By partnering with OpenTable, Uber has simplified the flow of information and bridged the gap between dining and transportation.

Uber customer-centric

Uber’s strategy is not only customer-centric but also improves the customer experience. Each of its rides in collaboration with OpenTable came with 50% discounts at the restaurant. This operation took place in the United Kingdom.

Focus on social and emotional interactions

Finally, customer-centric brands need more than free interactions and smooth customer processes. They must also consider the nature of these interactions. Indeed, we list below three best practices for inherently social and emotional interactions.

  • Customer preferences build the interaction: we’re talking about the content communicated to the consumer. As with temporal flexibility, brands here are required to produce content that meets the expectations of their audience. There are many ways to gather preferences: questionnaires, behavioral analysis, interviews, etc.
  • Surprise the audience: go beyond even the expectations of the customers. For example, this can go for sensory marketing to stimulate customers’ emotions. As a general rule, turning your offer upside down is unnecessary to excite customers. It can positively surprise your target audience by altering your commercial process. This is what DIONE, a Lithuanian ice cream maker, does: the products remain the same, but the communication is always more surprising!
  • Lend an ear to feedback: solicit customer opinions as much as possible. This shows attention in the post-purchase period and a willingness to improve its service in the future. Thus, it is an ideal instrument for customer loyalty. This feedback should be easy for the customer. So, why not keep them informed of the progress made thanks to their opinions? In short, ensure you do everything you can to create a deep connection with your customers.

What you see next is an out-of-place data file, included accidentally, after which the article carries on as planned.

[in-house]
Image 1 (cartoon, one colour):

Netflix embraces each of our advice. This manifests itself in personalized and constantly updated recommendations.

customer centric tableau récapitulatif

Summary table: the components of a good customer-centric strategy

Strategic focus Actions to be taken
Let customers shape the interaction
  • The preference of communication channels lies with the customer, not the brand (Mirsch et al., 2016)
  • Customers also choose when they interact with the brand (Böhmova et al., 2016)
  • Opt for self-service whenever it benefits the customer experience (Scherer et al., 2015)
Streamline customer processes
  • Guide, and assist customers throughout the customer experience (Dixon et al., 2010)
  • Connect to customers’ processes, i.e., their daily routine (Oberländer et al., 2018)
  • Highly efficient customer service: limit to 1 contact maximum to solve customer problems